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Advice on job offer please

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bgd
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Postby bgd » Tue, 02 Sep 2014 10:44 am

JR8 wrote:- Strange realisation. I don't recall the last time I met someone who lives here, who went to the Raffles simply to socialise, or for it's F+B. A couple of weddings here and there, tourist queueing up to get fleeced via a heritage lie, but otherwise, who goes there?


Me, quite often. Free bike parking underneath. But to socialise, never.

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Postby nakatago » Tue, 02 Sep 2014 10:51 am

JR8 wrote:- Strange realisation. I don't recall the last time I met someone who lives here, who went to the Raffles simply to socialise, or for it's F+B. A couple of weddings here and there, tourist queueing up to get fleeced via a heritage lie, but otherwise, who goes there?


These people would.

Background (do with the clicky).

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Postby rajagainstthemachine » Tue, 02 Sep 2014 12:30 pm

Wd40 wrote:
aster wrote:
Wd40 wrote:I would anyday pick 90K SGD in Singapore v/s even 45K GBP in UK, as a neutral person from a 3rd country.


Personally I think it seems mad to give up 45k GBP in the UK (with no rental costs) to get "only" 7k SGD and have to cover accommodation here on one's own.

Could you try to bump that up to 10k citing unexpectedly-high rental costs?


I said as a neutral person from a 3rd country, which means renting in both places. Why do you guys forget about the tax? Singapore overall income tax on 90K SGD is just 4.2% so after tax it is 86k SGD. UK income tax and insurance on the 45K GBP is about 25% so you are left with 33K GBP

Rent 2k for a 2 bedroom HDB in Singapore and rent in a place like for example Manchester about 800 GBP per month. So your net disposable every month in Singapore after tax and rent is 5200SGD and in UK it is about 1950 GBP. Singapore wins :cool:


the Uk also has football, cricket, beer and bands UK wins hands down
To get there early is on time and showing up on time is late

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Postby x9200 » Wed, 03 Sep 2014 7:29 am

Tobe2015 wrote:Yes JR8, you have made the point, that the whole idea of moving to Singapore sort of grabs me (hence thats why I applied for the job in the first place), but there are other things needing some serious consideration after the initial excitement, especially getting to know the current offer is not that up to the standard and expectation.....

I guess I will have to come to SG and actually see which area to live, in terms of work commuting and the right balance of "blend-in" culturally...
Regarding getting home after a night/dining out, I reckon taking taxi could be a good option, heard that it is not that expensive?

I have some contacts in SG (saying contacts, thats like school mates who moved and settled in SG and I haven't been in touch for years, also some friends' friends...), so hopefully I can re-connect with them and extend the networking, but can only find out when I m physically in SG...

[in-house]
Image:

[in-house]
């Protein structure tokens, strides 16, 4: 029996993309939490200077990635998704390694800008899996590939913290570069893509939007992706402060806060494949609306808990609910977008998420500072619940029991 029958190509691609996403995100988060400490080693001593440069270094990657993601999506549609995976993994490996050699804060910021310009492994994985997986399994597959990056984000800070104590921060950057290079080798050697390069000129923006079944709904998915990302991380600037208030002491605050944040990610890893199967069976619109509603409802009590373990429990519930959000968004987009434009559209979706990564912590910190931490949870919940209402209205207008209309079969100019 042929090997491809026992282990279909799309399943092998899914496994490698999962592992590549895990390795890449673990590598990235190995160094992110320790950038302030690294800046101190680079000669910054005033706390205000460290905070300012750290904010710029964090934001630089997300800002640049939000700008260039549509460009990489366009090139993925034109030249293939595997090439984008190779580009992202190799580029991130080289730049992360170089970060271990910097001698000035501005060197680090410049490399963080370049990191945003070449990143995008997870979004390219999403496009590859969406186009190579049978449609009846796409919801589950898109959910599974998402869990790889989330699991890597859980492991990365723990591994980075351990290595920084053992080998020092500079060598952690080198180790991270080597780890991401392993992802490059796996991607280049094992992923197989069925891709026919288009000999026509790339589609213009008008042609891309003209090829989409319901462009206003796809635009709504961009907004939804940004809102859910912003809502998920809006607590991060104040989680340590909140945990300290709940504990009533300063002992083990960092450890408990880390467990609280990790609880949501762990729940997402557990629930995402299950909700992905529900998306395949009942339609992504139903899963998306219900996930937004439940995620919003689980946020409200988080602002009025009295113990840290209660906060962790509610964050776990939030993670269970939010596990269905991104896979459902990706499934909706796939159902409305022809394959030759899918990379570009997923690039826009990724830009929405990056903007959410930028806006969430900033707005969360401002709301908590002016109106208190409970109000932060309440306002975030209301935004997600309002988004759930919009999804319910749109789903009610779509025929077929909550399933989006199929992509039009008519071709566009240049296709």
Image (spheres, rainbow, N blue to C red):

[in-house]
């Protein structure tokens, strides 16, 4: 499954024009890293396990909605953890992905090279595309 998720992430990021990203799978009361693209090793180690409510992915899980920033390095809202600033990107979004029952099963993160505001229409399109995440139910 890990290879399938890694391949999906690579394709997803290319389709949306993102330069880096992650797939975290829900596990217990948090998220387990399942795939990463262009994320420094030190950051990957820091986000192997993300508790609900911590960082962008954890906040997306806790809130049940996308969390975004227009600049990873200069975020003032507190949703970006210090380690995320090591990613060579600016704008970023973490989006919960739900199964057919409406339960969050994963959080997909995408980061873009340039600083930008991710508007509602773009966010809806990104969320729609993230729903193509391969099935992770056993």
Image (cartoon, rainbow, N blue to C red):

I don't know what kind of impression you get so far but this whole immersions is not so difficult at all and I feel JR8 exaggerates a bit with the worries. Having said that, If your social life is based on pubs (no drinker nor smoker so probably not?) type of interactions then the Lakeside area is not really good for it, but it is a nice area to live and it's not really short of anything. Depending on the condo you may find many Western expats around. Sure it will not be as many as in Holland Village or some other more central places but I think it is less about the quantity and afterall Singapore is small enough to meet up anywhere.
Locals are most of the time nice, interacting with them in coffee shops and eating places is pretty nice too and frankly more sh**ty looking place and more far from central areas often better eating and social experience. The annoying/difficult part of the immersion is very much independent of the location. It is about having some things done or sharing public space.

Besides, aiming at 2k5 rental budget you may be pretty much excluded from higher Western expat density places.

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Postby JR8 » Wed, 03 Sep 2014 10:03 am

x9200 wrote: I feel JR8 exaggerates a bit with the worries.


I'm simply trying to provoke some thought and caution. I'm not saying that Lakeshore, Lakeside, or what ever it's called (this district I hadn't even heard of until this topic) is not going to work.

But what I'm cautioning against is agreeing a package and a housing budget, that restricts one to districts where you might feel isolated. You don't tfr here just to work (and live near work), you aim for a decent all-around experience.

When I got transferred down to SG the first time (from JP) I got knowingly stiffed by the hiring director on the offer; and I had to force through something equitable (only, at my later expense... that a**-h***). I didn't realise it at the time; comparing a Tokyo package to a SG package back in the dawn of the web-era was almost impossible. As a result I'm very sensitive re: newbies who might be at risk of selling themselves short.